Aiming to be the favorite grandparent is the wrong goal.
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I recently read Canny Granny: How to be the Favorite Grandparent by Elizabeth Gardner. I’ll get to my review in a minute, but first I want to address the sentiment in the title.
If you are striving to be the favorite grandparent, stop right now. Whether you want to admit it or not, you are approaching your relationship with your grandchild in part as a competition. There’s an inherent expectation that you want your grandchild to choose who they love the most. There’s the hope that the other grandparents will be less than you: Less connected, less involved, less loved.
The best grandparents are part of a team which works together to support and nurture the children in their lives. They may not ever interact with one another, or they may be a regular part of each other’s lives. Either way, there’s nothing to stop their grandchildren from thinking they are all outstanding grandparents.
Instead of trying to be THE favorite, let’s all strive to be A favorite grandparent on the grandparenting team.
As I wrote in a blog post last year:
As part of that team, here are some things to remember:
It isn’t one or the other. A child’s capacity to love is endless. They are fully capable of loving every grandparent who treats them and those they love with kindness and respect. If you are one of those people, you will be loved. This doesn’t mean they won’t have a favorite, but that is more dependent on the child’s needs at any stage than on how hard a grandparent is trying. Just as most children go through stages where they prefer one parent, they may favor one grandparent over another for a time. That will change as they grow and have different needs.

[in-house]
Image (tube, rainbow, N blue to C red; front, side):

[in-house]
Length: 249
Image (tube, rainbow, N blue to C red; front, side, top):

Children’s love can’t be bought. While a child may be dazzled by the grandmother who supplies an endless supply of fancy gifts, generosity is not one of the factors that predicts a close grandparent-grandchild relationship. These factors are physical proximity, frequency of contact (including virtual), grandparents’ roles in the family, the expectation of a close relationship, emotional bonding and sharing values. These take no money, and most can be achieved even from a distance.
There is no such thing as too much love. If your grandchildren are lucky enough to have multiple grandparents who want to be a part of their lives, be happy for them. We should all be so fortunate.
You can read the whole post here.
As for the book, the title premise is only one of the things that I found disappointing. It’s a lightweight, topical treatment of what you need to do to have a deep and lasting relationship with your grandchild. The $14.99 price seems steep for 53 pages, though I was able to read it for free by signing up for a Kindle Unlimited trial. (Sign up for your own trial here!)
The title made me think it would be a tongue-in-cheek book, full of humorous suggestions for outdoing other grandparents. Sadly, it seemed to be serious about instructing grandparents about what to do to be the favorite. And while the advice itself was generally solid, I didn’t find anything novel or inspiring.
As they say, your mileage may vary, and this may be the book you’ve been searching for: one with simple ideas and easy instructions. If so, do us all a favor and take a pen and change “THE favorite” to “A favorite” every time it appears.
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